I promise (as much to myself as to anyone) that I'm not going to say a lot about this one. But, Danny Cohen has a great article on Huff Post about the need for a more spiritual Judaism:
The 2008 National Survey on Spirituality by Synagogue 3000 says 50 percent or more of Jews want to know how spiritual exploration, meditation and sacred text can relate to their lives. Seventy-eight percent want their rabbis to talk about spiritual issues. People are yearning for a sense of context and groundedness for their lives. They want structure to build communities and relationships around intimate connection and caring for one another, having and celebrating joys, and also to have space to share and be supported in their struggles.
I've mentioned before that I imagine that those on the “outside” must be pretty surprised when they hear calls for religion to be “more spiritual.” Aren't all religions supposed to be spiritual? Isn't this like asking the ocean to be more wet?
Would that it were so.
The reality is that the majority of people who are members of synagogues (and, as always, I suspect this is true in all religions) are not deeply engaged in spiritual matters. They're not spending much time or effort asking the core questions of a spiritual life:
Traditional theology asserts that God is everywhere, but today's listless spirituality needs more than the mere assertion of theological truths. Rather, we must provide people the tools and pathways to experience the transformative power of awakening to their own deep potential, to the presence of the Divine in all spaces, closer to me even than my thoughts. We must engage questions that are alive and do practices that make us more alive. How do I learn to see the miraculous in the mundane? How do I live close to my soul? How do I deal with anxiety, stress and depression? How do I connect to the confidence that is at my core, beyond failure and independent of accomplishment? How do I come to actually care about the other and feel our unity? What does humility mean? What is my purpose? How do I come to awe? How can I learn to be vulnerable and honest, and despite imperfection to live with the dignity that comes from honoring what is essentially human?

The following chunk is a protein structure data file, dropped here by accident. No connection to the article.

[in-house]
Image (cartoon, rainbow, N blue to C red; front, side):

As is often the case, few have been talking about this more cogently or convincingly than Rabbi Larry Hoffman. Put simply (and he has a gift for saying important things simply), synagogues, like all institutions, will only survive if they can offer something that no one else can. Or, at the very least, offer it better, or cheaper, etc. Well, synagogues offer lots of things—community, entertainment, learning and more. But, each of those can be gotten elsewhere and, in most cases, can be had for less money, with less tzurris. What we can offer our people is authentic, meaningful, Jewish spirituality.
It doesn't mean that it's bad if we offer those other things, as well. It just means that if we aren't offering meaningful spirituality, then it's not clear why we're here at all. And we may not be here for much longer.